For now, my studio downstairs still remains unusable, which just makes the pleasure of what we achieved over the weekend even greater. We look forward to sharing the results with you!

New album details

We’ve been holed up at Sam’s studio this weekend recording the studio follow-up to Granolithic, with a working title ofĀ Three Fountains. The result of the sessions is a very different record fromĀ Granolithic – it certainly feels more focused, more varied, and for the first time there are guitars along with the tubas, organ and percussion.

Another break with existing ORE convention is that there are a couple of cover versions, both of which will be familiar to those of you who have seen us in concert a number of times. We’re paying our dues to two men who have been a massive influence on us, namely Dylan Carlson and Mark Hollis – the covers areĀ Ouroboros is Broken by Earth, andĀ I Believe in You by Talk Talk. In view of the latter it’s no coincidence that all of the improvised material on the album is the very first recorded take.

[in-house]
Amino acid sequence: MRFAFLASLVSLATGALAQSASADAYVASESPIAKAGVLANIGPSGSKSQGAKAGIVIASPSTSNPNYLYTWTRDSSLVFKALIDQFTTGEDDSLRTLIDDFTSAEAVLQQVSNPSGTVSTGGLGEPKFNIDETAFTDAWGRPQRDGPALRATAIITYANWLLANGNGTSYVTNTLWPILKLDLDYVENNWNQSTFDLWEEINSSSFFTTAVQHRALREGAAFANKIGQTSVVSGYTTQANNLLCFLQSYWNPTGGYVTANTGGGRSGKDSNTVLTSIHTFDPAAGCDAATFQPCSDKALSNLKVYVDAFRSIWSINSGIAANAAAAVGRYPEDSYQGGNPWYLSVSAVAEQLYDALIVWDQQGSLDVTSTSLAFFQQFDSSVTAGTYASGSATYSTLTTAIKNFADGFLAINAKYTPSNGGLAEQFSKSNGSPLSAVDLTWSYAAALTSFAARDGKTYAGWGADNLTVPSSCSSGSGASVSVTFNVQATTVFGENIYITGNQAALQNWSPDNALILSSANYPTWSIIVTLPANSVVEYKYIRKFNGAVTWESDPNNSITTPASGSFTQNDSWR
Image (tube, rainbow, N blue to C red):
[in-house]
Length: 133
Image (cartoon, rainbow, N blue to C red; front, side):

Aside from a medieval French tune,Ā C’est La Fin, there are four original pieces, two of which are completely new;Ā Beyond Tree and StoneĀ from our first EP, andĀ Morton from the live albumĀ Gullet are present in radically reworked forms.

We’re very excited about sharing this album – even at a rough mix stage we’re confident it’s the best thing we’ve done. Onwards!

Gig news

ORE support Anna Meredith in London at The Servant Jazz Quarters, Dalston on 16th January.

Venue details here:
http://www.servantjazzquarters.com/event/Moshi-Moshi-January-Sessions-Anna-Meredith-Ore

For our set, we are delighted to welcome soprano Natalie Raybould as a guest – this will mark ORE’s first appearance with a vocalist and promises to be a unique performance.

We are hoping to announce additional collaborators for this gig in due course…

Oxbow Orchestra tour diary part 4.1 – Paris

22.10.12

I wake early to load the Land Rover; as I get to the hotel car park I discover I’m there just in time to unblock a couple of vans full of workmen.